Annalisa "Lisa" Graham was born at home on February 2, 1931, to Eunice and T.J. Graham, a homemaker and a farmer in Yoknapatawpha County. She was the youngest of three children and the only one who survived childhood.
The oldest Graham child, Tommy, fell from a tree in the family's small apple orchard and broke his neck at age six in 1925. The middle child, Jimmy, died of scarlet fever at age two in 1929.
Lisa had a protected childhood, but it was pleasant growing up in the country with her doting if somewhat overprotective parents. She was a sweet-natured child who made friends easily and obeyed her parents. She occasionally followed her father around as he took care of his crops, cows, and mules.
But she spent more time as a mama's girl — putting up vegetables and fruit, making butter, sewing her own clothing, doing needlework, cooking, and attending church functions at Bethlehem Primitive Baptist Church. Some of her favorite childhood memories were of quilting in the evenings with her mother.
Lisa also had a clear soprano voice and sang in the church choir during her early teen years.
She attended county schools and graduated from North Yoknapatawpha County High School in 1948. She enrolled in a two-year nursing program at the University of Mississippi following graduation.
Lisa dated a local boy, Jessie Danahy, for most of her high school years but broke off with him after her senior year, telling her friends she was tired of his jealousy and his temper.
In 1949, she gave Danahy another chance against her parents' advice. She broke off the relationship for good when she realized Danahy's drinking habits and bad temper had not changed.
Danahy took it badly when she soon began dating a slightly older man, Richard Izard, a relationship that blossomed after an emergency room treatment for an industrial chemical burn Richard received at the Bowlan Glove Factory where he worked.
Richard was a handsome man, and he was also everything Danahy was not — gentle, kindhearted, quiet, and a churchgoing man. She was happy with Richard, who loved to tease her and call her his pretty little Mona Lisa, and he quickly became the love of Lisa's life.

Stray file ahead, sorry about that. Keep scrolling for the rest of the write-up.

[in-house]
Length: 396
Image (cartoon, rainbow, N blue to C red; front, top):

She dated Richard for one and a half years, and the couple married in 1951.
Danahy took the marriage badly, even scandalizing Lisa's church when he showed up drunk right before the wedding and had to be forcibly removed by some of the men present. He didn't go far down the road and later tried to run the couple's car off the road as they left the church.
Danahy persisted, causing a few minor scenes in the early days of the Izards' marriage as he kept showing up trying to reclaim "his woman." To Lisa's relief, his late-night drunken appearances on the Izards' porch grew further and further apart and eventually stopped after a few months.
Lisa put her nursing career on hold after the Izards' first child, Ricky Jr., arrived on March 17, 1952. The couple's second child, LeAnne, was born on June 21, 1955.
As a mother, wife, and homemaker, Lisa led a simple life and was a well-liked member of the community. Friends described her as a mild, reserved woman with strong Christian beliefs and a knack for putting others at ease in her presence.
She was known for her pretty flower gardens, the casseroles and cakes she brought to church socials, and her devotion to Bethlehem Primitive Baptist Church, where she operated the church nursery.
Her life was cut short at age 27 when she and her husband were found murdered in their home garden on Friday, April 11, 1958.
Lisa Izard is buried in the Bethlehem Primitive Baptist Church cemetery alongside her beloved husband.